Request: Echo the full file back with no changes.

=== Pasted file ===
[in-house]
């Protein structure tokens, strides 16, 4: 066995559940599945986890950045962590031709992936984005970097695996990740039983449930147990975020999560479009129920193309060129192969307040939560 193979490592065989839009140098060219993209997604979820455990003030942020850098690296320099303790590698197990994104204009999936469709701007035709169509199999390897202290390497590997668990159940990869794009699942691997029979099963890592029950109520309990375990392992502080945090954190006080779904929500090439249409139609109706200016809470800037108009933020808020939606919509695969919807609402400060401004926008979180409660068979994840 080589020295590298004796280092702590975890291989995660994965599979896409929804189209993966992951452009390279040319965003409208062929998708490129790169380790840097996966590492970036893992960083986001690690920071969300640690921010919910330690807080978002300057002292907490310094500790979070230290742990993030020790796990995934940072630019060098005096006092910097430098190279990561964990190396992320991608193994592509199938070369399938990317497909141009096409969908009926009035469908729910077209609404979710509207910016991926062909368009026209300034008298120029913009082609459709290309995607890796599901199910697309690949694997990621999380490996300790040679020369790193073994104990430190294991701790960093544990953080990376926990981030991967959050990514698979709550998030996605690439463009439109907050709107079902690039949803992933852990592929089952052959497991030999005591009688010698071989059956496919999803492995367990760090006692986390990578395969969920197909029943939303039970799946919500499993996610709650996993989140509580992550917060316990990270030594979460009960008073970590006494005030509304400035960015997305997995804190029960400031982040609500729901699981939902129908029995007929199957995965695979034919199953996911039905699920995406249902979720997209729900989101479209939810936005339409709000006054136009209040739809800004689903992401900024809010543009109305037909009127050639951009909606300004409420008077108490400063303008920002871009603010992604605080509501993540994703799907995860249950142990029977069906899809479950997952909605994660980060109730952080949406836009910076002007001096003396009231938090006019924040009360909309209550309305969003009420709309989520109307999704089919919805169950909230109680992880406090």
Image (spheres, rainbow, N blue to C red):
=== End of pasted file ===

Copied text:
[in-house]
């Protein structure tokens, strides 16, 4: 066995559940599945986890950045962590031709992936984005970097695996990740039983449930147990975020999560479009129920193309060129192969307040939560 193979490592065989839009140098060219993209997604979820455990003030942020850098690296320099303790590698197990994104204009999936469709701007035709169509199999390897202290390497590997668990159940990869794009699942691997029979099963890592029950109520309990375990392992502080945090954190006080779904929500090439249409139609109706200016809470800037108009933020808020939606919509695969919807609402400060401004926008979180409660068979994840 080589020295590298004796280092702590975890291989995660994965599979896409929804189209993966992951452009390279040319965003409208062929998708490129790169380790840097996966590492970036893992960083986001690690920071969300640690921010919910330690807080978002300057002292907490310094500790979070230290742990993030020790796990995934940072630019060098005096006092910097430098190279990561964990190396992320991608193994592509199938070369399938990317497909141009096409969908009926009035469908729910077209609404979710509207910016991926062909368009026209300034008298120029913009082609459709290309995607890796599901199910697309690949694997990621999380490996300790040679020369790193073994104990430190294991701790960093544990953080990376926990981030991967959050990514698979709550998030996605690439463009439109907050709107079902690039949803992933852990592929089952052959497991030999005591009688010698071989059956496919999803492995367990760090006692986390990578395969969920197909029943939303039970799946919500499993996610709650996993989140509580992550917060316990990270030594979460009960008073970590006494005030509304400035960015997305997995804190029960400031982040609500729901699981939902129908029995007929199957995965695979034919199953996911039905699920995406249902979720997209729900989101479209939810936005339409709000006054136009209040739809800004689903992401900024809010543009109305037909009127050639951009909606300004409420008077108490400063303008920002871009603010992604605080509501993540994703799907995860249950142990029977069906899809479950997952909605994660980060109730952080949406836009910076002007001096003396009231938090006019924040009360909309209550309305969003009420709309989520109307999704089919919805169950909230109680992880406090």
Image (spheres, rainbow, N blue to C red):